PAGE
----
Reprieve for Shells over $1.5bn court case

21 December 2011, Sweetcrude, ABIUJA – Reprieve has come the way of the local Nigerian arm of the Royal Dutch Shell, Shell Petroleum Development Company of Nigeria (SPDC), over the judgment of a Nigerian Federal High Court, which ordered the multinational oil company to pay the Ijaw Aborigines of Bayelsa State the sum of $1.5 billion damages as compensation for environmental degradation.

The reprieve from the Supreme Court is, however, temporary.

A judgment by apex court last Friday, copy of which was obtained Wednesday, dismissed an appeal by the Ijaw Aborigines to compel Shell to deposit the judgment sum with the Central Bank of Nigeria in the name of the Chief Registrar of the Federal High Court.

The court, in dismissing the case, held that Shell may disintegrate if forced to cough out the judgment debt while the appeal filed by the oil giant was still pending.

In a unanimous judgment delivered by Justice Afolabi Fabiyi, five justices of the court held that the issues raised by Shell in its appeal were substantial points of law.

The court, while awarding the $1.5 billion damages against Shell had ordered that the sum be deposited with the CBN in the name of the Chief Registrar.

The court gave Shell only three days within which to pay the judgment debt.

The company found this order very onerous and applied to the court to vary the conditions. The trial court refused the application to vary the conditions.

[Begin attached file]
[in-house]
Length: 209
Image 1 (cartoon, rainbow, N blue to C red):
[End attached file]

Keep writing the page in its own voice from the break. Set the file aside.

Shell was dissatisfied and appealed to the Court of Appeal for a variation of the condition for the stay of execution of the high court judgment. Instead of an order that the judgment sum be paid into CBN in the name of the Chief Registrar, the company wanted an unconditional stay of execution of the judgment pending the final determination of the appeal filed by it.

The high court had granted Shell a stay of execution of the judgment but on the condition that Shell pay the judgment debt to CBN. Shell did not want any condition to be attached to the stay of execution.

After pleading the fact that it might go into extinction if forced to deposit the judgment sum with the CBN, the company’s argument found favour with the Appeal Court.

The Appeal Court consequently granted Shell an unconditional stay of execution. The Ijaw Aborigines were dissatisfied and filed the instant appeal at the Supreme Court.

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